You can dress as a “native” if you wanted to, but there are photo studios in Baguio where you wear a g-string and Ibaloi tapis with a pine forest backdrop. You can even wear a rattan headgear or a bungkaka, a bamboo buzzer which creates a buzz when you strike it on your lower palm. The Ibalois used it to drive away the devil except that in the 1920s, the devil was you.
Baguio was said to be the first cosmopolitan city in the Philippines. When the Americans built Kennon Road, they advertised all over the world and so got a international crew. In 1909, it was said that residents in the freshly-chartered city spoke 30 different languages.
A new photo exhibit at the Baguio Convention Center brings you back to Baguio and the Cordillera from 1900 to 1925. These featured the photo collection of Jonathan Best and John Silva of the Ortigas Foundation Library.
“These images are only a small sample of the hundreds of photos taken in Mountain Province over a century ago by local amateur photographers, government officials and anthropologists, the majority of whom were foreigners from Europe and America,” said Best.
Some of the 111 photos here were taken by Dean Worcester (an anthropologist and Secretary of the Interior) and his assistant Charles Martin who went on to be photo editor of the National Geographic Magazine.
Eduardo Masferre, the most famous Cordilleran photographer, has yet to establish his commercial photo studio in Bontoc in 1934.
So most of the photos here are the Cordillerans in their fineries.
They are in black and white though some are hand-colored. Most of the “subjects” were so serious that their belief that the camera steals your soul might be true.
“Why do they look so sad,” Baguio boy John Silva asked during the opening. Because one, the posing can take minutes so holding a smile was torturous. Second, they don’t really know what these photo apparatuses were and what if they were guns? And third, they were not given copies so how would they know if they were photogenic?
When these photos were exhibited in Sagada last June, Silva said that one boy told him that their ancestors are now looking at themselves through their eyes.
Silva and Best said that they chose the photos that are not touristy, like those selling or grilling dogs or “headhunter” photos.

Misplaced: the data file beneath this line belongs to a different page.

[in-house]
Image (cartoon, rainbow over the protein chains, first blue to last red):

The photos I love in the exhibit (because I didn’t see often”) are the tourists themselves.
The secret to being a tourist in Baguio a hundred years ago is to stand out especially at your arrival.
One is a 1905 postcard of a “woman traveling in a sedan chair, Benguet.” Two Benguet men in G-strings carried on their shoulders two bamboo poles supporting a woman on a rattan chair. The woman was holding the favorite status symbol among Ibaloys at that time: an umbrella.
Another photo had this caption: “Lowland tourists driving an early automobile on the Benguet Road. c. 1920.”
It showed three tourists in ravishing coat and tie at the backseat of a Model T that just crossed a bridge on Kennon Road then known as the Benguet Road. Their driver was also in a suit but the “local tourists” had their noses up high.
Most tourists came up to Baguio during the Holy Week. But then they didn’t come here with bonnets, short shorts and tank shirts and flipflops like they do now.
“Well dressed Holy Week tourists in Baguio, March 26” had them wearing light-coloured slacks, summer coats, Italian hats, flapper heels, and silk scarves. One of the girls was carrying a large wicker basket supposedly for a picnic by the meadows.
One of the better lit photos has a Filipino tourist with the majestic Banaue rice terraces in the backdrop. He was holding a movie camera and a pistol.
What’s the pistol for, we ask 100 years later. A wild boar? An Ifugao warrior running amok? A murder mystery?
Coming to Baguio at that time meant riding the rails and then bringing your automobile up the rugged Benguet Road or riding a bus from the Damortis railway station. Only the rich can afford such trip to the “exotic” mountains. So before you arrive to Baguio, you have already arrived.